As I've said, all such "achievement" nonsense has absolutely NO place in a taxpayer-supported, government-administered institution whose regulator's sole authority is simply to regulate.  Clearly, the underlying goal of incentive licensing was to forcefully "educate" us with the aim of turning us all into budding RF Engineers. And THAT was done primarily so as to further a whole plethora of government social and economic goals of the day.  

Indeed, many of you may remember the "missile gap" of the 1960s when our government bureaucrats were throwing anything and everything at the wall to stimulate a countrywide effort to crank out hordes of mechanical, electrical and RF engineers. Obviously, "incentive licensing" in our radio service was made all the more palatable because of its relationship to the backdrop of the "missile gap" paranoia of the day.

But, it is also important to remember that, besides the "missile gap" being later shown to be overwhelmingly in the US's favor, all that nonsense happened NEARLY 50 YEARS AGO!  What possible regulatory purpose is still being served...in the 21st Century...by indefinitely keeping all that "missile gap derived" nonsense fully in place today?  The Soviet Union has long since gone the way of the dinosaur, and most of our electronic components and equipment now originate from the Far East.

Clearly, the other underlying goal of all this "incentive" nonsense at the time was to line the pockets of the ARRL who, if memory serves correctly, were on the financial "ropes" at the time. Indeed, it should come as no surprise to anyone that the League has been cashing in on "incentive licensing" ever since by selling tens (if not hundreds and hundreds) of thousands of copies of their so-called "upgrade" materials along the way.

But the ARRL wasn't the only one pushing this nonsense at the time.  The "good old boys" at the FCC were clearly involved in it too. 

And all the while we hams continue to worship the FCC as some kind of "demi-God" from whom all blessings flow, they certainly won't see things "my way", "our way" or ANY way other than what the FCC, in their isolated "Ivory Tower" decides to do...or not to do.  And, as I've also said, their whole "petition" process is little more than a bureaucratic farce.  Most "petitions" end up in "File 13" if they in any way go against already established FCC policy.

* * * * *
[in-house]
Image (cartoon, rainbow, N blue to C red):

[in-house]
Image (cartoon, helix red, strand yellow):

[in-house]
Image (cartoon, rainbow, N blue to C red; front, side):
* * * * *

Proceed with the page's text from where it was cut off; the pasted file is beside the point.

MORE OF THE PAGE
Unfortunately, ALL of us seem to have collectively lost sight of the fact that the FCC is nothing more than yet another US Government regulatory agency.  And they have never been granted the statutory authority to set themselves up to "educate" anyone.

What's more, since we taxpayers pay their salaries, these overstuffed (not to mention overpaid) FCC bureaucrats all work for YOU AND ME and NOT the other way around.

Now, I don't know about you, but, from my own personal perspective, I highly RESENT being manipulated, controlled and, in effect, abused by a bunch of gormless government bureaucrats who remain seemingly hell-bent on using we hams (and prospective hams) as unwitting pawns to further their own social and economic policy goals as outlined in their Part 97.1…. particularly all that "maintaining and expanding a reservoir of trained operators and technical experts" nonsense.

In my book, ALL of that eyewash remains in DIRECT CONTRAVENTION of the "personal aim" and "amateur" spirit (not to mention the "non pecuniary interest" intent) of our International Telecommunications Union (ITU) regulators for our Service. And the FCC has been getting away with all of this internationally illegal foolishness for decades largely because US hams collectively 'bought into" all that nonsense in the first place and have continued to worship it all as "the Gospel truth" ever since.

Indeed, it's often been said that we don't get the government we deserve, we get the government (in this case the FCC) we allow.

Saturday, December 8, 2012

In recent years, many national amateur-radio-related lobby organizations (most notably the ARRL) have increasingly attempted to justify our continued, fee-free access to our frequencies based on our known ability to help out various rapid response organizations in times of emergency.